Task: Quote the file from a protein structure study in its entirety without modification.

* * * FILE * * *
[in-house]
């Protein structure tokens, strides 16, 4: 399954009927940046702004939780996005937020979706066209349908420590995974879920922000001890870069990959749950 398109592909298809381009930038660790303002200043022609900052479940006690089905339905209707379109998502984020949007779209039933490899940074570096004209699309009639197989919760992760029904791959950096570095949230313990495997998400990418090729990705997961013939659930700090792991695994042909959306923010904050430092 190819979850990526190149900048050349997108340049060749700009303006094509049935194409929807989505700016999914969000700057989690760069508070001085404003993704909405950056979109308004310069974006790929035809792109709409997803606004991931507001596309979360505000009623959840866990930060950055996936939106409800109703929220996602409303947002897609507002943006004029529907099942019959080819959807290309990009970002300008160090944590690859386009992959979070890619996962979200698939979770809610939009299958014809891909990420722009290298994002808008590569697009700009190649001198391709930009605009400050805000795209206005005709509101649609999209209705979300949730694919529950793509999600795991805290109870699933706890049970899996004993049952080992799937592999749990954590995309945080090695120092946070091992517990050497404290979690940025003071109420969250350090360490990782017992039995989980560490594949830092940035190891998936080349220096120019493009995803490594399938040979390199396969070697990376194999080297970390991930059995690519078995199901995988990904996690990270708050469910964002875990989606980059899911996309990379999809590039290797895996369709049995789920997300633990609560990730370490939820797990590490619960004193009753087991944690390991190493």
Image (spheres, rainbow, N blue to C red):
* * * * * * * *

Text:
[in-house]
């Protein structure tokens, strides 16, 4: 399954009927940046702004939780996005937020979706066209349908420590995974879920922000001890870069990959749950 398109592909298809381009930038660790303002200043022609900052479940006690089905339905209707379109998502984020949007779209039933490899940074570096004209699309009639197989919760992760029904791959950096570095949230313990495997998400990418090729990705997961013939659930700090792991695994042909959306923010904050430092 190819979850990526190149900048050349997108340049060749700009303006094509049935194409929807989505700016999914969000700057989690760069508070001085404003993704909405950056979109308004310069974006790929035809792109709409997803606004991931507001596309979360505000009623959840866990930060950055996936939106409800109703929220996602409303947002897609507002943006004029529907099942019959080819959807290309990009970002300008160090944590690859386009992959979070890619996962979200698939979770809610939009299958014809891909990420722009290298994002808008590569697009700009190649001198391709930009605009400050805000795209206005005709509101649609999209209705979300949730694919529950793509999600795991805290109870699933706890049970899996004993049952080992799937592999749990954590995309945080090695120092946070091992517990050497404290979690940025003071109420969250350090360490990782017992039995989980560490594949830092940035190891998936080349220096120019493009995803490594399938040979390199396969070697990376194999080297970390991930059995690519078995199901995988990904996690990270708050469910964002875990989606980059899911996309990379999809590039290797895996369709049995789920997300633990609560990730370490939820797990590490619960004193009753087991944690390991190493």
Image (spheres, rainbow, N blue to C red):